Waugh, Thomas. « Les formes du discours [homo et hétéro-] sexuel dans la nouvelle vidéo masculine.» Communication. Information Médias Théories, no 9 (summer 1987): 46.
Marc Paradis’ works are part of the collection of the Cinémathèque québécoise.
The second title of the screenplay for this video is La nuit fluide, considered for the production of a feature-length film.
The search for young actors for the screen-test for Le voyage de l’ogre / The Path of the Ogre appeared in Le Berdache, specifically in the ‘Classified section’ in no. 20, May 1981, 9.
This video is also entitled Ginette Laurin, danseuse.
A recording of a play by Peter Weiss.
An inscription in a painting by John Mingolla is revealed in front of the camera.
Part of this was also shot in Montreal and in the metropolitan area.
He appeared in a film by Laurent Gagliardi, entitled Quand l’amour est gai (NFB, 1994).
Waugh, Thomas. « Les formes du discours [homo et hétéro-] sexuel dans la nouvelle vidéo masculine », op. cit., 54.
‘If we established a grammar relative to contemporary art, it is very likely that electroacoustic would be the most akin to experimental video.’ See Montal, Fabrice. « L’électron frénétique : Petit survol historique de la vidéo expérimentale au Québec (1971-2011) », in XPQ : Traversée du cinéma expérimental québécois, Montréal, Cinémathèque québécoise and Les Éditions Somme Toute, 2020, p.195.
Waugh, Thomas, « Les formes du discours [homo et hétéro-] sexuel dans la nouvelle vidéo masculine », op. cit., 58.
The reader’s voice is that of François Lamotte.
Or his third video? There is believed to be a first work produced at UQAM in the early 1980s, when Paradis was studying theatre, called Strip-tease.
A passage taken from the screenplay for La nuit fluide/Le voyage de l’ogre which was written for the production of a feature-length film, but which was never realized.
This Bachelardian theme originated in the feature-length project La nuit fluide.
Part of a line taken from La nuit fluide/Le voyage de l’ogre.
Extract taken from the dialogue at the end of Harems.
Waugh, Thomas, ‘Sex, Money, and Sobriety’, in The Romance of Transgression in Canada. Queering Sexualities, Nations, Cinemas, Montreal: McGill-Queen's University Press, 2006, p.237.
They were made in the same year (1989).
Sparked off by a meeting of the ‘Tuesday Group’ led by Marc Paradis, at the beginning of the 1980s.
Fortune and Men’s Eyes by John Herbert-Brundage; translation by R. Dionne; directed by Marc Paradis ; electric keyboard: Jean-François Garsi; music by Gabriel Beauregard; with Gabriel Beauregard, Éric Duchesne, Marc Paradis and Jacques L.G. Tremblay; Les productions Vermines at Café Nelligan (previously situated on Dorchester St). See De Grosbois, Robert, « L’enclave des damnés » [Section Théâtre], Le Berdache, no 18, mars 1981, 60-61.
Waugh, Thomas. « Les formes du discours [homo et hétéro-] sexuel dans la nouvelle vidéo masculine », op. cit., 47-48.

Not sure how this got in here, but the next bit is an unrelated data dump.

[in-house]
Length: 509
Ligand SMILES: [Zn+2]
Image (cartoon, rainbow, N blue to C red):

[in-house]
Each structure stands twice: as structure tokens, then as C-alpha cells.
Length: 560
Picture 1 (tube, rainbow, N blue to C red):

‘Censured? Yes, in fact, I was censured by a system that censured itself. I was censured by a media that responds to a series of social taboos, but it is accepted, straightaway, in the rules of the game. You don’t have a choice. Within the structures in which I work, as an artist, I was subject to repression, and I still am. But, at the end of the day, I don’t care.’ See Carrière, Daniel, « Marc Paradis » [Interview], ETC, no 12, Autumn 1990, 25.
Consult the text by Luc Bourdon in our publication on Marc Paradis, specifically the part entitled ‘An archipelago of desires and censures’.
See « Censure au musée du Québec » [Collective letter from Conseil d’administration de diffusions gaies et lesbiennes du Québec]. RG Rencontres Gaies, no 107, 1991, 13; Carrière, Daniel. « Aux frontières de la censure. Le vidéaste Marc Paradis retire ses œuvres du Musée du Québec », Le Devoir, Wednesday 12 June 1991, B-3; and, Delagrave, Marie, « Un archipel de désirs : [les artistes québécois et la scène internationale]. » Vie des Arts, no 36 (Winter 1991-1992): 68-70.
A Vidéographe documentary by Luc Bourdon and Francis Laporte. This was a portrait of 10 videomakers who consider issues around video.
Marc Paradis appears in the video between 18 min 26 s and 20 min 58 s.
International festival of gay and lesbian cinema in Montreal. Many titles were listed in programmes by Image et Nation: Harems (Nov. 1991), Réminiscences carnivores (Nov. 1989) and L'incident « Jones » (Sept.-Oct. 1998).
National Gallery of Canada and the Musée du Québec (Musée national des beaux-arts du Québec).
Among others, the International Gay Festival of Super 8 Films, 19-21 October 1984 (Brussels) and the San Francisco Experimental Film and Video Festival (1986).
« Vue panoramique. Toute la programmation. » Être en Outaouais, vol. 4, no 8 (september 1999): p.M12
Waugh, Thomas. « Sex, Money, and Sobriety », in The Romance of Transgression in Canada. Queering Sexualities, Nations, Cinemas, op. cit., pp.474-475.